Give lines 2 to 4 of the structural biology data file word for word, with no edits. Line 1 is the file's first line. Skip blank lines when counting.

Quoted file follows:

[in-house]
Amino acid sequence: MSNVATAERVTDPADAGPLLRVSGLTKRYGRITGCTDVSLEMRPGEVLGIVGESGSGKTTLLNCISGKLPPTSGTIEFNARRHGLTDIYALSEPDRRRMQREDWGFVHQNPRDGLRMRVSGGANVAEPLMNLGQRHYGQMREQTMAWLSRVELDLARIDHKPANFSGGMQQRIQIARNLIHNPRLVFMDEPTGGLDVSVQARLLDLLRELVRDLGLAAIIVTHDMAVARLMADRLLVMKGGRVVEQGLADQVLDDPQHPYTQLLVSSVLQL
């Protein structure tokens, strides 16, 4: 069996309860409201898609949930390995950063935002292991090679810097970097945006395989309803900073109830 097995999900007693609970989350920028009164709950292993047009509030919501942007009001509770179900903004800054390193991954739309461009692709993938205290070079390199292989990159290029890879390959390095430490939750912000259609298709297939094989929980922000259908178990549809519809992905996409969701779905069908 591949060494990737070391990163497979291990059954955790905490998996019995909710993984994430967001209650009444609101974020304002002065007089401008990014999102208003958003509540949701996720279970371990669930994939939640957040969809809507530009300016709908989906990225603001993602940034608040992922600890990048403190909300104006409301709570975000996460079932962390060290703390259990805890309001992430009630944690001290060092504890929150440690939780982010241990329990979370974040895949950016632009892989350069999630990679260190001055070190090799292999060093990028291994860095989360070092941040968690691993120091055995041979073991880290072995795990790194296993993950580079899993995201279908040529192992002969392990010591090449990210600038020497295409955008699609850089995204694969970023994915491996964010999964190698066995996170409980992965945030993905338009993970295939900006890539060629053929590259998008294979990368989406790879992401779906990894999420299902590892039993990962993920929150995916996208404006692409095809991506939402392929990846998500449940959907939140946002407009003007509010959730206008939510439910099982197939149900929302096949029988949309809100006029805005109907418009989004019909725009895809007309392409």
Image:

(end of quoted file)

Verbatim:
Amino acid sequence: MSNVATAERVTDPADAGPLLRVSGLTKRYGRITGCTDVSLEMRPGEVLGIVGESGSGKTTLLNCISGKLPPTSGTIEFNARRHGLTDIYALSEPDRRRMQREDWGFVHQNPRDGLRMRVSGGANVAEPLMNLGQRHYGQMREQTMAWLSRVELDLARIDHKPANFSGGMQQRIQIARNLIHNPRLVFMDEPTGGLDVSVQARLLDLLRELVRDLGLAAIIVTHDMAVARLMADRLLVMKGGRVVEQGLADQVLDDPQHPYTQLLVSSVLQL
């Protein structure tokens, strides 16, 4: 069996309860409201898609949930390995950063935002292991090679810097970097945006395989309803900073109830 097995999900007693609970989350920028009164709950292993047009509030919501942007009001509770179900903004800054390193991954739309461009692709993938205290070079390199292989990159290029890879390959390095430490939750912000259609298709297939094989929980922000259908178990549809519809992905996409969701779905069908 591949060494990737070391990163497979291990059954955790905490998996019995909710993984994430967001209650009444609101974020304002002065007089401008990014999102208003958003509540949701996720279970371990669930994939939640957040969809809507530009300016709908989906990225603001993602940034608040992922600890990048403190909300104006409301709570975000996460079932962390060290703390259990805890309001992430009630944690001290060092504890929150440690939780982010241990329990979370974040895949950016632009892989350069999630990679260190001055070190090799292999060093990028291994860095989360070092941040968690691993120091055995041979073991880290072995795990790194296993993950580079899993995201279908040529192992002969392990010591090449990210600038020497295409955008699609850089995204694969970023994915491996964010999964190698066995996170409980992965945030993905338009993970295939900006890539060629053929590259998008294979990368989406790879992401779906990894999420299902590892039993990962993920929150995916996208404006692409095809991506939402392929990846998500449940959907939140946002407009003007509010959730206008939510439910099982197939149900929302096949029988949309809100006029805005109907418009989004019909725009895809007309392409």
Image: